The run-up to the March bank holiday weekend saw the return of familiar pleas we hoped were behind us for now. On Tuesday 15 March, the HSE appealed to the public to only attend hospitals in the case of emergencies due to the pressure Covid-19 was putting on staff and resources.
According to Ms Anne O’Connor, HSE Chief Operations Officer: “Anyone who suspects they may be facing an emergency situation should of course come to the emergency department (ED) and they will be seen and treated. However, we would ask those who may be in a non-urgent situation to help our staff through a challenging time by looking at other healthcare options where possible.”
At the time, validated figures showed there were 101 Covid-19 outbreaks across hospitals and a further 595 outbreaks across community care services, including nursing homes. These were resulting in bed and ward closures and delays in patient discharge from hospital care.
While the number of patients requiring ICU care remained stable, the HSE said it was important to note that the impact of the recent steady rise in admissions was “extremely challenging, placing significant pressure on emergency departments and patient waiting times for admission to hospitals”.
These words were echoed by a statement from the Mater Misericordiae University Hospital on the same day, which appealed to the public to avoid its ED where possible.
“Hospital services are under extreme pressure due to a combination of large numbers of people contracting Covid, high numbers of presentations at the ED and high levels of staff absences due to Covid-19,” according to the statement.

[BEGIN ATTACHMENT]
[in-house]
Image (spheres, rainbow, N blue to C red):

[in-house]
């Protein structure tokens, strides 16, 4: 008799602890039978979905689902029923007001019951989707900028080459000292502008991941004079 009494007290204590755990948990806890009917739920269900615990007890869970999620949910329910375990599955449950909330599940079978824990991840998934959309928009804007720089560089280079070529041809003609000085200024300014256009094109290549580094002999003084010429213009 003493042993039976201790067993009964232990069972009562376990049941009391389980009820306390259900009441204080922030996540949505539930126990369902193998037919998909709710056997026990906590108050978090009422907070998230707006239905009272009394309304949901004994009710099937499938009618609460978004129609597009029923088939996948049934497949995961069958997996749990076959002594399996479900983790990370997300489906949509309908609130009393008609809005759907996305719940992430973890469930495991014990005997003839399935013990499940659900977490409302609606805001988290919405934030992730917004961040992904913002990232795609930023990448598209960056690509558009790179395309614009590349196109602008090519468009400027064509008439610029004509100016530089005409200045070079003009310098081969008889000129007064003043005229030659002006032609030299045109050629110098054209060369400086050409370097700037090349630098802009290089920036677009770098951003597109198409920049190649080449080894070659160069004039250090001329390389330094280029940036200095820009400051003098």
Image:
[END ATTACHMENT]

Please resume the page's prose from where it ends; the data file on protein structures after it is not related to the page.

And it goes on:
“Patients who are presenting at our ED with non-urgent conditions are unfortunately experiencing lengthy waiting times to be seen. Where possible, the Mater advises patients with non-emergency conditions to seek assistance from other parts of the health service, such as minor injury units or their GP. However, any patient who is in need of emergency hospital care will of course be seen and the Mater would urge such patients not to delay and to seek care.”
This year the traditional St Patrick’s Day holiday was extended, with a further bank holiday held on 18 March to recognise the efforts of the country during the Covid-19 pandemic and to remember those who lost their lives.
The rise in cases and pleas regarding ED attendances are a reminder, if one was needed, that Covid-19 has not gone away. While it is right to recognise the toll the pandemic has taken over the past two years, Covid is still very far from being consigned to history. It is a very real public health threat and is likely to remain so for some time to come.
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